I have a file in which lines are separated using a delimeter say
.. I want to read this file line by line, where lines should be based on presence of
. instead of newline.
One way is:
f = open('file','r') for line in f.read().strip().split('.'): #....do some work f.close()
But this is not memory efficient if my file is too large. Instead of reading a whole file together I want to read it line by line.
open supports a parameter ‘newline’ but this parameter only takes
None, '', 'n', 'r', and 'rn' as input as mentioned here.
Is there any way to read files line efficiently but based on a pre-specified delimiter?
You could use a generator:
def myreadlines(f, newline): buf = "" while True: while newline in buf: pos = buf.index(newline) yield buf[:pos] buf = buf[pos + len(newline):] chunk = f.read(4096) if not chunk: yield buf break buf += chunk with open('file') as f: for line in myreadlines(f, "."): print line
Here is a more efficient answer, using
bytearray that I used for parsing a PDF file –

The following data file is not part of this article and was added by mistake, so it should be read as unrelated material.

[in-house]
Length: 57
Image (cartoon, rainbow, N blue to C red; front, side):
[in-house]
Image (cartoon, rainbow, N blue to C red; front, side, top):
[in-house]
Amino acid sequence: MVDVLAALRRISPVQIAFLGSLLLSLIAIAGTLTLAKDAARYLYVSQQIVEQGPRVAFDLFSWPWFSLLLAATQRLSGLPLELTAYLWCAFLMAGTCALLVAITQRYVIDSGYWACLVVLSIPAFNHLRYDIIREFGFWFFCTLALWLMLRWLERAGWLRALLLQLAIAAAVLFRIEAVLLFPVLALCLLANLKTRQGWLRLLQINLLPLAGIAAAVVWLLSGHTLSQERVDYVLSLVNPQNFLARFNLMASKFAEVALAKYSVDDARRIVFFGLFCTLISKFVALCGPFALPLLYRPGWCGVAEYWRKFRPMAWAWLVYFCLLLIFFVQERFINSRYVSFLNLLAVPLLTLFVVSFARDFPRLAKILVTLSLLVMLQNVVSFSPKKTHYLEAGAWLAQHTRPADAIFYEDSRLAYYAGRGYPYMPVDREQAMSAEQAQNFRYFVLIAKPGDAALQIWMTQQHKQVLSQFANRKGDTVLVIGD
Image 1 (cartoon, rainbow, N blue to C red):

import io import re # the end-of-line chars, separated by a `|` (logical OR) EOL_REGEX = b'rn|r|n' # the end-of-file char EOF = b'%%EOF' def readlines(fio): buf = bytearray(4096) while True: fio.readinto(buf) try: yield buf[: buf.index(EOF)] except ValueError: pass else: break for line in re.split(EOL_REGEX, buf): yield line with io.FileIO("test.pdf") as fio: for line in readlines(fio): ...
The above example also handles a custom EOF. If you don’t want that, use this:
import io import os import re # the end-of-line chars, separated by a `|` (logical OR) EOL_REGEX = b'rn|r|n' def readlines(fio, size): buf = bytearray(4096) while True: if fio.tell() >= size: break fio.readinto(buf) for line in re.split(EOL_REGEX, buf): yield line size = os.path.getsize("test.pdf") with io.FileIO("test.pdf") as fio: for line in readlines(fio, size): ...
The easiest way would be to preprocess the file to generate newlines where you want.
Here’s an example using perl (assuming you want the string ‘abc’ to be the newline):
perl -pe 's/abc/n/g' text.txt > processed_text.txt
If you also want to ignore the original newlines, use the following instead:
perl -ne 's/n//; s/abc/n/g; print' text.txt > processed_text.txt